Tk is a user interface toolkit that makes it easy to build desktop graphical user interfaces. Tk is cross-platform, meaning the same code can be made to run the same on Windows, Mac OS X, or X11 under a huge range of Unix systems (e.g. Linux). Compared with most user interface toolkits, Tk is also quite high level, meaning that it takes care of a lot of details for you. Tk is also unique in that it was designed from the start to be paired with a high level dynamic programming language (like Tcl, Python, Ruby, Perl) as opposed to lower-level languages like C or C++. In fact, you'll find a Tk binding for most dynamic languages available today. It also is BSD-licensed, making it attractive for both open source and commercial developers.
Taken together, these factors make Tk an attractive option for people trying to develop a GUI on Windows, Mac or Unix, especially if they want it to run on all three. And because Tk is used from dynamic programming languages, it's an accessible tool not only for hardcore developers, but also many people without a computer science or engineering background.
Because it's been around for a very long time, and changed a lot over the years, there's a lot of horridly outdated and therefore incorrect information out there. This makes extracting the truth pretty overwhelming if you just want to figure out if and how to use Tk today. While that's mostly what this site will help with, a brief history of where it came from, why and how it caught on, and how things have evolved until today will help put a whole lot of things in context.
The Early Years
Tk was created around 1988 by John Ousterhout, at that time a computer science professor at UC Berkeley. It was developed as a way to easily build GUI's from his Tcl scripting language. Tcl was Unix-only at first, and so Tk ran under X11. The first open source release was around 1991, with fairly rapid adoption starting about a year later. You can find John's recollections of the early years at the main Tcl/Tk developer site, www.tcl.tk.
Tk caught on because lots of people at universities were using Unix/X11 in the early 1990s, and the mainstream X11 libraries like Xt, Xaw and Motif were just horridly painful to use, where a "hello world" application would take literally a couple hundred lines of C or C++. Then Tk comes along, where a good looking "hello world" is a one-liner, and the toolkit took care of all the housekeeping like redrawing, clipping, hit detection, event dispatch and more. It was a no-brainer.
Developers and users of languages other than Tcl paid attention too, and many language bindings to Tk were developed. Python's Tkinter appeared around mid-1994, with Perl's PerlTk soon following.
The Middle Years
In 1994, John moved to Sun Labs, where he assembled a team to help move Tcl/Tk forward even more. The bulk of the team shifted to a startup called Scriptics (later Ajuba), and continued to evolve Tcl/Tk until the company was acquired in 2000, mostly for the non-Tcl/Tk assets the company had developed.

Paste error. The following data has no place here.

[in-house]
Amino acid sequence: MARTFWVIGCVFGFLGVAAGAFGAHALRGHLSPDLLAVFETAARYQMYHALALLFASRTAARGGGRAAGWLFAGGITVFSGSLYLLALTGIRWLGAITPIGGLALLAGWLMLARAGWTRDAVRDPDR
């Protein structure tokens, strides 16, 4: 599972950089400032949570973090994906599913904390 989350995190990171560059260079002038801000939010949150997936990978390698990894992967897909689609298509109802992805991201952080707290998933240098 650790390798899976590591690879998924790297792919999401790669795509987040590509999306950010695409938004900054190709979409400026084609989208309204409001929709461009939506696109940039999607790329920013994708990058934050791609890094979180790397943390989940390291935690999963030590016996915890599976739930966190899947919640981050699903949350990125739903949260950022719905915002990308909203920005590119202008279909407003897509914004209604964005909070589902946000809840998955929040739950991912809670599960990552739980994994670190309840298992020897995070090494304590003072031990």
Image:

For Tk, those years produced a major step forward, the development of the Windows and Mac versions. This meant that the same script to produce a GUI would run unmodified on Unix, Windows or Mac.
Stewardship of Tk (and Tcl) moved to a more community-centered model in mid-2000, with a Tcl/Tk core team at the center, but with much wider participation.
Tk continued to evolve, but not at a hugely dramatic pace; the incremental enhancements and adding support for new versions of Windows and then Mac OS X precluded much in the way of major leaps forward, and there was almost no core work aimed at following the dueling Gnome/KDE user inteface standards emerging on Linux. Though Tk has always been highly customizable, unless you knew what you were doing and put in the effort, it started looking more and more dated.
Tk 8.5.0 was released in December 20, 2007, and presented as major a step forward as the Windows and Mac versions in 8.0, over ten years earlier. The core distribution included "new" widgets for such now-common components like trees, comboboxes, tabbed notebooks and more, that had only been available before as add-ons (with far too many to choose from).
Most importantly, Tk 8.5 added a new "themed" widget set, which complements but does not replace the "classic" widget set. The classic widgets provide full backwards-compatibility, retaining their almost infinite flexibility, but often dated appearance. The new themed widgets look much better on their respective platforms out of the box, and developers should generally use them for nearly all mainstream user interface needs. The new widgets also support changing their look and feel via themes, making "skinnable" user interfaces easy for applications and platforms where they are appropriate.
Tk 8.5 is a milestone release. Though there are still some rough edges, and the full transition from "classic" to "themed" widgets will take some time (and some developer effort), this represents the first time in recent memory that everything needed to build good looking Tk applications is available in the core, without huge amounts of tweaking and add-ons.